'Long Way From Home' - Madam Tsunami – could well ensure some enduring recognition(April 03, 2017)
Some gently expressive acoustic folk augmented by a highly-listenable folk-pop feel with touches of pastoral meanderings and faintly wistful longing. That pretty much covers what you hear with 'Long Way From Home' from Madam Tsunami. There’s a distinct Celtic edge to this music, combined with a freshness that takes elements of tradition mixed with a freedom to write your own compositions. Although this is clearly a young band, there’s some touches of sixties folk appearing from time to time both musically and lyrically, which is neither intrusive nor incongruous, just evocative.
The result of this melting pot of influence and evidence ranges through an opening instrumental ‘Mana’, through the upbeat ‘Hold Me Close’, the finely fashioned ‘Man on the Run’, meandering beauty with ‘Cinderella’ and ‘Fray’, percussive enquiry of ‘Plot on the Moon’ and the somewhat darker feel of ‘Waiting for the Day’. 'Long Way From Home' features engaging melodies, inspired fiddle accents, memorable songs and builds itself into an album that could well ensure some enduring recognition.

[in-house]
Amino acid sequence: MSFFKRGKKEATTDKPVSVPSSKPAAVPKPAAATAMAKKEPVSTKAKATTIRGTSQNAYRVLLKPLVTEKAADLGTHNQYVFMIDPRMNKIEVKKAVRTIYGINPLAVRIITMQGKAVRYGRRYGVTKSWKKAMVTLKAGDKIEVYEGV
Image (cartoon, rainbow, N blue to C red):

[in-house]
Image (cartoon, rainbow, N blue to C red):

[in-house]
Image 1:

Madam Tsunami are Adam Usmani (guitar, vocals) and Coralie Usmani (fiddle, vocals) with help from musicians Innes Cardno (guitar, mandolin) Ross Ainslie (pipes, whistle), Stewart Wilson (double bass) and Adrien Latge (vocals, drums)
Review: Charlie Elland